What in the world am I training for?

It's been several years since I've considered myself an active racer. Yet almost every day of my life I announce—often to myself—"it's time to train".

Ironically I’m probably faster and smarter now than I was then, but yet its not about the handful of crits that I will actually participate in each year. Its about the joy and happiness that cycling brings me. Its about the balanced center that I find when I’m fit. Its about the love I have for pain and exhaustion. Its about that misty feel in the morning air on top of Avocado Crest.

I love riding bikes. Admittedly, most (ok, all) of my riding is on the road. But I’d rather be on a DH bike any day than the nicest luxury car in the world.

I’ve seen some folks who love the sexy aesthetics of bikes and bike stuff. I’m right in that group too. But I don’t see bikes solely as museum pieces. The day my first Pina was built up, I rode it for a couple of hours in the pouring rain (against Jeff’s wishes, sorry amigo, but I don’t regret it for even a minute).

I love finding my ideal heart rate zone. I love hearing the hum of a new set of tires on a set of wheels with overhauled hubs gliding along the road. I love a 5% grade that goes 10 miles. I hate/love a 10% grade that goes over a 1 mile road.

Sometimes my favorite thing in the world is a super fast pace line where I know I have to pull through but barely can. I really love it when said paceline hits the climb and I can ride away from some and loose the wheel ahead of others. Nothing is better than allowing my imagination to tell me that its Garzelli that I’m chasing, not the guys from ShoAir.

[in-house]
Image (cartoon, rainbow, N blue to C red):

Its hard to think of anything better than getting ready for a five hour ride up GMR to Baldy heading home on East Fork. Although finishing that ride and the resulting exhaustion is certainly a competitor.

Riding almost every day brings some really amazing benefits to my life.

Things such as permanent scares from road rash, broken bones, damaged equipment, the dreaded phone calls to loved ones only to say “it happened, again”, are a few of my favorites. Sometimes I just want to end it. Hang up the wheels and be a typical bike shop owner. End the constant before dawn alarm clock, have more Saturday nights with Faye that last beyond 11 pm, know something about primetime TV, and read more than just the latest tech manual from DT Swiss.

But each rest day gets me more excited to get back out there, so its hopeless. I will die one day, but at least I will have the memories of not only getting over the Monte Grappa, but passing people along the way.

Eric Popiel